5. The researchers do not provide information about other interventions sought or received by patients in the current study, which could include mutual/self-help (e.g., Alcoholics Anonymous), outpatient treatment, or residential care. They do report the number of patients hospitalized and admitted to detox but not proportion in each treatment group.


  • For individuals and families seeking recovery: Patients treated with baclofen were more likely to reduce their drinking to “low-risk” levels over one year, drank less per day, and reported more abstinent days per month compared to placebo control patients. The side effects were also more common among those treated with baclofen. In particular, individuals with bipolar disorder may want to carefully consider use of baclofen, as 3 patients treated with baclofen in the current study experience a manic episode (but none in the placebo condition). For the most part, the side effects attributable to the medication were minor (e.g., drowsiness, fatigue, insomnia). While the mechanisms of action are uncertain, baclofen has been shown to help individuals feel more indifferent toward alcohol. Keeping in mind that much more work is needed to evaluate the effectiveness of baclofen, especially given the limitations of the current study, baclofen might be an appealing medication for some individuals trying to cut back or abstain from drinking among patients who have already tried other medications, such as disulfiram (e.g., Antabuse), naltrexone (e.g., ReVia, Vivitrol), and acamprosate (e.g., Campral).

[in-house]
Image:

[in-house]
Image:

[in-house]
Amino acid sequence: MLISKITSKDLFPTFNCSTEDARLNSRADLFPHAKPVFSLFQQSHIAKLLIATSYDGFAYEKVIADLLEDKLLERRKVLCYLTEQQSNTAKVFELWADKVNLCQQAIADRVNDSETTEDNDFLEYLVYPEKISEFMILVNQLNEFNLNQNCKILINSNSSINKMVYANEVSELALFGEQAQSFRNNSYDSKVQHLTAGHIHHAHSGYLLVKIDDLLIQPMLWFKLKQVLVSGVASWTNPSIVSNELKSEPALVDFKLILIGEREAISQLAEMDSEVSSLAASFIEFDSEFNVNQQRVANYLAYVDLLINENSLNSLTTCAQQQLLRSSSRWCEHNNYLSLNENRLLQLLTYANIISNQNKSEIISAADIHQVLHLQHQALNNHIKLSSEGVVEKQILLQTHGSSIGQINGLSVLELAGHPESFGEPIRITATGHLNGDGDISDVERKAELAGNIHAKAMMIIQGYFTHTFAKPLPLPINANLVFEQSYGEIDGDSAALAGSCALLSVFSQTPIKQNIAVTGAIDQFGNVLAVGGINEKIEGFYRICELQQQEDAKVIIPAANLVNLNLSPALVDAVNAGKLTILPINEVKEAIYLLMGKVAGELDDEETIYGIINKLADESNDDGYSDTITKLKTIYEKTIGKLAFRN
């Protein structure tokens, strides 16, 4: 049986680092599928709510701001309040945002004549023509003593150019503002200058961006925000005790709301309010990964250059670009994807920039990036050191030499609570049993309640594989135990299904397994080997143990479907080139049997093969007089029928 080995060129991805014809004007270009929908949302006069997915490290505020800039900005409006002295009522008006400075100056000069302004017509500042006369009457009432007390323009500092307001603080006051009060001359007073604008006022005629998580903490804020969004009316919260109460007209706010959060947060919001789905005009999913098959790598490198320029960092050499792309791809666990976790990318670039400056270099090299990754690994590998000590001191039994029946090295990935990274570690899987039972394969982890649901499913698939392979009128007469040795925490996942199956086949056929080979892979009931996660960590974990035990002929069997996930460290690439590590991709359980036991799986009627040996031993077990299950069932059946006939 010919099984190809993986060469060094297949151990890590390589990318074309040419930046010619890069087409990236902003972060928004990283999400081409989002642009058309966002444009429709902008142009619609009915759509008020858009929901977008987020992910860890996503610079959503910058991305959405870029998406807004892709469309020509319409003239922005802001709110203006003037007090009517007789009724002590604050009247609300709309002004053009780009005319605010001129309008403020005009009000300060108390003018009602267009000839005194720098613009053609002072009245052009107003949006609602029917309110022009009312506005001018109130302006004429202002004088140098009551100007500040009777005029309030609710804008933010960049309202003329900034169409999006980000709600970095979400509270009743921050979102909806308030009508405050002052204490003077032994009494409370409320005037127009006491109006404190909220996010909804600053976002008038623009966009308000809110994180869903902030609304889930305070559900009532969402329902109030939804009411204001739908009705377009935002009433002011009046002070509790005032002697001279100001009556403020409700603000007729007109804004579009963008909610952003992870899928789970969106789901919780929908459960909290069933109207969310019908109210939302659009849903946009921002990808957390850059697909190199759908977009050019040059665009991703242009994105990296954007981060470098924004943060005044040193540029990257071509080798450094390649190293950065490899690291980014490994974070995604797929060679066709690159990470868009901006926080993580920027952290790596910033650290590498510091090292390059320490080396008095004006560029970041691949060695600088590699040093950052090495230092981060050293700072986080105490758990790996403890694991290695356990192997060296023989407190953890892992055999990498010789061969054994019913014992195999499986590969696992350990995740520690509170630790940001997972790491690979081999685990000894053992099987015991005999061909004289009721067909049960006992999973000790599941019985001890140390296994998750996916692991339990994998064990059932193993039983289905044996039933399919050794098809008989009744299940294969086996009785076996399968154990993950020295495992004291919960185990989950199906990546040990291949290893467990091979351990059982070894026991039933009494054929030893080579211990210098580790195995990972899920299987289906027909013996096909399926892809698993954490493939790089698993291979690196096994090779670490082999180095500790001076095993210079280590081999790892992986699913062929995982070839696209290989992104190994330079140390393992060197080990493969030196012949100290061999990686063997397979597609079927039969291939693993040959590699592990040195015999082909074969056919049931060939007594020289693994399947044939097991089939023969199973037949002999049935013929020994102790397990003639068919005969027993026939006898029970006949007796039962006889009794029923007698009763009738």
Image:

• For treatment professionals and treatment systems: In this study, patients assigned to receive baclofen were more likely to achieve “low-risk” drinking by after 12 months, and reported fewer drinking days and drinks per drinking day compared to placebo patients. Taking into account the side effects observed, baclofen may represent another medication option for some individuals interested in cutting back or abstaining from alcohol use, and has been shown to compare favorably to other medications (e.g., naltrexone, acamprosate). Unlike previous baclofen studies, the patients in this study were not abstinent nor were they selected following completion of a detox program. Thus, the current study demonstrates that baclofen was reasonably well-tolerated among active drinkers who are trying to stop or cut down on their drinking. However, given the noted limitations of this study, more research is needed to evaluate the effectiveness of baclofen, especially relative to other front-line FDA-approved medications (e.g., naltrexone, acamprosate). This is significant and in line with reports that moderation is a reasonable alternative to abstinence only for some, and that even modest reductions in alcohol consumption can lead to significant long-term health benefits